These responses reflect the real revision qualities and the new paradigm thinking needed for young people growing up in a world with many problems that were created by status quo thinking embodied in Sykes’ rules. The United States Senate has recently voted that global warming is not caused by humans, despite the overwhelming scientific evidence to the contrary. Our children live in a world where politicians are voting against scientific evidence that will affect future generations simply because it might affect business as usual. Never has there been a more important time for teaching students to talk truth to power.

Life is not fair. Teach them never to get used to it.

The Sad Art of Closed Reading

by Barry Lane

Closed reading, not to be confused with close reading, is the essence of most reading tests and a big reason literacy curriculum is boring to students and teachers. To assess reading comprehension, well-meaning (and even more well-funded) reading experts devise various schemes for measuring a student’s ability to think exactly like themselves. These experts think they are measuring comprehension, but they are re- ally measuring a sort of tactical compliance. I learned this from my friend Kenny.

Young Kenny

        Kenny at 10 years old                                                     

Today Kenny is a lawyer, but in sixth grade Kenny took a reading test and found himself getting angry at the way some test questions were worded. He especially hated the question “What’s the best title for this story?” He decided to write a letter of inquiry to the testing company. He told them in his letter that questions like those are opinion questions and are no different from asking, “What’s the best soft drink, Coke or Pepsi?” Students have the right to pick any of the four multiple-choice answers because they are being asked their opinion. Kenny went on to say, “I am not stupid. I know the answer that you want me to choose. I just want to know why your opinion needs to be my truth. If you were honest, you would pose the question this way: What do you think we think the best title for this story is?”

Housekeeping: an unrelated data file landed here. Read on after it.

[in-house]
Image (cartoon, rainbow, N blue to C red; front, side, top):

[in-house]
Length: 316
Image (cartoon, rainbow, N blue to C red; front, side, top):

The testing company replied with a six-page letter complete with graphs, charts, and data refuting Kenny’s point. Kenny was surprised and little puzzled at how seri- ously they took a challenge from a ten-year-old. It appears the testing world has a lot invested in proving there is one way to comprehend a text. And that was decades ago, when high-stakes tests were not mandated and most schools used achievement tests as a low-stakes assessment to evaluate schools and students in a general way. Kenny is now a deputy attorney general in the state of New Jersey, and his job is to protect the rights of abused children. I believe he started training for this job in sixth grade.